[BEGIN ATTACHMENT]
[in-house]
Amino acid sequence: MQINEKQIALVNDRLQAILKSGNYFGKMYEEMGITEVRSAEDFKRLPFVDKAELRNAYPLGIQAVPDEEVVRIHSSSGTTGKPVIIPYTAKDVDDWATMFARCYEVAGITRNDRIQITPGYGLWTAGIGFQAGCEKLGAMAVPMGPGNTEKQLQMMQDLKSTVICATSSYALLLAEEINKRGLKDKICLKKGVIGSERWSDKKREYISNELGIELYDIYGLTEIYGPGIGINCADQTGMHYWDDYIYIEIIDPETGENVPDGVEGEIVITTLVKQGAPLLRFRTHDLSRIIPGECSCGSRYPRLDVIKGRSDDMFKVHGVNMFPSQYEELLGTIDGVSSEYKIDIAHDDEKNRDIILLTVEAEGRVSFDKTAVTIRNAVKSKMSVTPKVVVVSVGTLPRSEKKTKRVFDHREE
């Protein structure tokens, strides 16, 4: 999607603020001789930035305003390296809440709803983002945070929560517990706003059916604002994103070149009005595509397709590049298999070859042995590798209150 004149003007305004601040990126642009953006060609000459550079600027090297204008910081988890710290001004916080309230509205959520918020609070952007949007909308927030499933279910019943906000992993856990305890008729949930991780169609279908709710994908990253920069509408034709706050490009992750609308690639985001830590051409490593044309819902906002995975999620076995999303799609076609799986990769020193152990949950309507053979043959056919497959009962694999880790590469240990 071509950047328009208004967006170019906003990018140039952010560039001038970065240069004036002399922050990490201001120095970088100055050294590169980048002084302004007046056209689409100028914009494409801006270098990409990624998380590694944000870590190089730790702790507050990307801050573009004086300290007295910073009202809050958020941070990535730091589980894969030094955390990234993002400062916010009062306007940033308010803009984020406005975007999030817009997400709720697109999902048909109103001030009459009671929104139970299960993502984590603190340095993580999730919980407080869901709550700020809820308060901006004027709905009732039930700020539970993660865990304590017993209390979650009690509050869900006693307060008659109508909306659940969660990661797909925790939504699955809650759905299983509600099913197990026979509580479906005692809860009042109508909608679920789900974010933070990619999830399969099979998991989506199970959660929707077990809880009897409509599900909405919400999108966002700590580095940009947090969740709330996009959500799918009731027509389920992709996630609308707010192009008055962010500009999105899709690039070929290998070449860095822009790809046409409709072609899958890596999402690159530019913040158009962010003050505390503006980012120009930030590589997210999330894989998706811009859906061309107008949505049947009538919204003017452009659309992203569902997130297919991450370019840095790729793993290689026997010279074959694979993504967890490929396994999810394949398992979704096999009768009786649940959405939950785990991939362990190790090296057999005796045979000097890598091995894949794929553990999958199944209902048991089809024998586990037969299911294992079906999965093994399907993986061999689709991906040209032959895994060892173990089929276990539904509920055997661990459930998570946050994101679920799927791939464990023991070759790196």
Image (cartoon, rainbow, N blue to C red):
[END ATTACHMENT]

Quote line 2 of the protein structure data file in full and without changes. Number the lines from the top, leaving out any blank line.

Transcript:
Amino acid sequence: MQINEKQIALVNDRLQAILKSGNYFGKMYEEMGITEVRSAEDFKRLPFVDKAELRNAYPLGIQAVPDEEVVRIHSSSGTTGKPVIIPYTAKDVDDWATMFARCYEVAGITRNDRIQITPGYGLWTAGIGFQAGCEKLGAMAVPMGPGNTEKQLQMMQDLKSTVICATSSYALLLAEEINKRGLKDKICLKKGVIGSERWSDKKREYISNELGIELYDIYGLTEIYGPGIGINCADQTGMHYWDDYIYIEIIDPETGENVPDGVEGEIVITTLVKQGAPLLRFRTHDLSRIIPGECSCGSRYPRLDVIKGRSDDMFKVHGVNMFPSQYEELLGTIDGVSSEYKIDIAHDDEKNRDIILLTVEAEGRVSFDKTAVTIRNAVKSKMSVTPKVVVVSVGTLPRSEKKTKRVFDHREE